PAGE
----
Four healthcare firms made their trading debut on SGX’s Catalist board.
Singapore’s capital markets were significantly lifted up by the Lion city’s reputation as a medical hub and its relatively high price-earnings ratios which attracted healthcare players to list on the Singapore Exchange (SGX), according to PwC’s latest Equity Capitals Market Watch report.
Four healthcare companies made their trading debut on SGX’s Catalist board in 2018 comprising of Asian Health Specialists, Hyphens Pharma International, Medinex and Biolidics. The report highlighted how these stocks closed on day one above their initial public offering (IPO) prices by 48%, 6% and 12% respectively, whilst Biolidics closed 16% below its IPO price.
PwC Singapore pointed out that private healthcare provider Asian Healthcare Specialists which offers highly subspecialised orthopaedic services performed strongly in 2018 with a 13% growth in its share price since its IPO in April 2018.
“The company is looking at growing its business inorganically,” PwC revealed. “Post-listing, Asia Healthcare Specialists secured further support from Vanda 1 investments which is an entity managed and controlled by Temasek Holdings unit Heliconia Capital Management.”
Nevertheless, Singapore’s listed healthcare sector was observed to have fared better than the Straits Times Index (STI) performance by recording a smaller -6% decline for YTD.
The report pointed out how healthcare service provider IHH Healthcare Bhd which is listed on both the SGX and Bursa Malaysia ended the year with an 8% decrease in its share price with a market capitalisation of $15b, whilst Raffles Medical Group with market capitalisation of $2b ended 2018 with its share price down 1% YTD.
“Increasing competition from Malaysia and Thailand in healthcare services could potentially place pressure on the local healthcare market in the coming years,” PwC Singapore highlighted in its report.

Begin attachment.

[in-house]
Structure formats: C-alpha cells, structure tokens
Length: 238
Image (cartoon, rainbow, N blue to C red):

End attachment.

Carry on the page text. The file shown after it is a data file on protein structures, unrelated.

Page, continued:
It noted how the Malaysian government allocated $6.93b (RM29b) for healthcare in its 2019 budget which is 7.8% higher compared to its previous budget in a bid to develop its medical tourism industry. Likewise, Thailand’s largest private hospital operator Dusit Medical Group which has a market capitalisation of approximately $12.48b (THB407.3b) has grown its revenue from foreign patients 10% YoY in H1 2018.
“The strong Singapore dollar against these regional currencies could make medical tourism in Singapore more costly, thus reducing demand from foreign patients,” PwC Singapore added.
Nonetheless, the report highlighted how some Singapore-brand hospital groups have taken their operations overseas to counter the migration of medical tourists. Singapore-listed Health Medical International for example established its Mahkota Medical Centre in Malacca and the Regency Specialist Hospital in Johor, whilst Raffles Medical Group took its brand to China.
“Despite the competition from our ASEAN counterparts, we expect continued growth in Singapore’s healthcare sector given the reputation of the Republic’s healthcare system, increasing demand led by its aging population, as well as the growing affluence in the region,” PwC Singapore commented.
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